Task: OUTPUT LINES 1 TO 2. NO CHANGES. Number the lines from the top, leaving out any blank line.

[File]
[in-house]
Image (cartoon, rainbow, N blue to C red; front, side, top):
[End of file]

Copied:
[in-house]
Image (cartoon, rainbow, N blue to C red; front, side, top):